Why You Should Always Make Extra Sauce For Lasagna

There's a reason lasagna is Garfield's favorite food. Lasagna is one of our favorite Italian dishes with its combination of comforting noodles and cheese, zippy tomato sauce, and succulent meats and vegetables. It's a crowd pleaser — even amongst cartoon cats.

Lasagna has been around for centuries with the first lasagna recipe coming from Ancient Greece. While lasagna regularly appears on Italian restaurant menus, there's something satisfying about doing it yourself at home. It can also be a fun activity to do with kids.

One of the main challenges when baking lasagna yourself is controlling the perfect level of moisture. According to Bon Appétit, you want to make sure the noodles don't dry out, but you also don't want them to get soggy. They suggest covering the dish while baking and adding a béchamel sauce, but if your lasagna still comes out a bit dryer than you'd like, here's a trick to add some moisture back in.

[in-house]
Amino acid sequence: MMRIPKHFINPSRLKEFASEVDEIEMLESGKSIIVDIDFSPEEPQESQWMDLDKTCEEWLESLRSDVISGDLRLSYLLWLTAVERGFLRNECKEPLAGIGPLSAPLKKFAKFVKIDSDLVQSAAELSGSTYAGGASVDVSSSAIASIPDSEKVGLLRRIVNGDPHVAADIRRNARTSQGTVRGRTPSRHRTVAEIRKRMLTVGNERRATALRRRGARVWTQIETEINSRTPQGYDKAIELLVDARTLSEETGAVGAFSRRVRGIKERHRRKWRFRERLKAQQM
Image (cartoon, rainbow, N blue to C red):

Get saucy

The ingredient that makes today's lasagna different from its Ancient Greek predecessor is the tomato sauce. Per Italy Magazine, the very first tomato sauce-based lasagna recipe dates back to 1880s Naples. The Neapolitans are also said to have invented pizza (via Scott's Pizza Tours), so we have a lot to thank them for.

In fact, it's Neapolitan's saucy invention that is your secret weapon in combatting dry lasagna. Now, if your lasagna comes out of the oven a lacking moisture, there's no reason to panic. Real Simple recommends serving the dish with a side of extra marinara sauce. If someone at your table likes a really saucy bite, they can add even more sauce to taste. Plus, you can use the extra sauce to help reheat your leftovers later, according to Pantry and Larder.

While there are plenty of delicious marinara sauces on the market, give this Heirloom Tomato Sauce recipe or one of these five takes on a classic red sauce a go; they're sure to help you make a dish that even Garfield would approve of.